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Unformatted text preview: homework 04 – ASH, BEN – Due: Feb 14 2008, 11:00 pm 1 Question 1, chap 4, sect 5. part 1 of 1 10 points A space station in the form of a large wheel, 286 m in diameter, rotates to provide an “ artificial gravity ” of 5 . 6 m / s 2 for people located at the outer rim. What is the frequency of the rotational mo tion for the wheel to produce this effect? Correct answer: 1 . 88972 rev / min (tolerance ± 1 %). Explanation: d = v t And the frequency (where T is the period) is f = 1 T = v π d . Since bardbl vectora r bardbl = v 2 r = 2 v 2 d or v = radicalbigg a r d 2 Therefore, we have f = radicalbigg a r 2 π 2 d = radicalBigg (5 . 6 m / s 2 ) 2 π 2 (286 m) · 60 sec 1 min = 1 . 88972 rev / min . Question 2, chap 4, sect 5. part 1 of 2 10 points The radius of the Earth is about 6 . 37 × 10 6 m. a) What is the centripetal acceleration of a point on the equator? Correct answer: 0 . 0336877 m / s 2 (tolerance ± 1 %). Explanation: Basic Concept: a c = v t 2 r = r ω 2 Given: r equator = 6 . 37 × 10 6 m ω = 2 π rad / day Solution: a c = (6 . 37 × 10 6 m)(2 π rad / day) 2 · parenleftbigg 1 day 24 h parenrightbigg 2 · parenleftbigg 1 h 3600 s parenrightbigg 2 = . 0336877 m / s 2 Question 3, chap 4, sect 5. part 2 of 2 10 points b) What is the centripetal acceleration of a point at the North Pole? Correct answer: 0 m / s 2 (tolerance ± 1 %). Explanation: Solution: The Pole is 0 m from the axis of rotation, so a c = (0 m) (2 π rad / day) 2 = 0 m / day 2 = 0 m / s 2 Question 4, chap 4, sect 5. part 1 of 1 10 points Consider a toosmall space habitat that consists of a rotating cylinder of radius 4m. If a man standing inside is 2m tall and his feet are at 1 g , what is the g force at the elevtion of his head? (Do you see why projections call for large habitats?) 1. 2 g 2. 0.5 g correct 3. 0.25 g 4. 4 g Explanation: Centripetal force (and weight and g in the rotating habitat) is directly proportional to radial distance from the hub. At half the homework 04 – ASH, BEN – Due: Feb 14 2008, 11:00 pm 2 radial distance, the g force will be half that at his feet. The man will literally be light headed . (Gravitational variations of greater than 10 percent headtotoe are uncomfort able for most people.) Question 5, chap 4, sect 6. part 1 of 1 10 points A bee flies to a flower 531 m due south of its hive. The bee’s speed in still air is 0 . 69 m / s, and there is a wind blowing toward the south at 0 . 23 m / s. How long will it take the bee to travel to the flower and back to the hive? Correct answer: 1731 . 52 s (tolerance ± 1 %). Explanation: The wind helps the bee fly faster on the downwind trip than on the return trip. The time to go to the flower is given by t with = s with v with = s v bee + v wind The wind slows the bee on the return trip, so the time for the return trip is t against = s against v against = s v bee − v wind The total time is t = t with + t against Question 6, chap 4, sect 6....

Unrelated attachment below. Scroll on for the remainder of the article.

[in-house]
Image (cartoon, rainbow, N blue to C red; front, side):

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This note was uploaded on 09/29/2008 for the course PHY 303 taught by Professor Erskine/tsoi during the Spring '08 term at University of Texas at Austin.
 Spring '08
 ERSKINE/TSOI
 Gravity, Work

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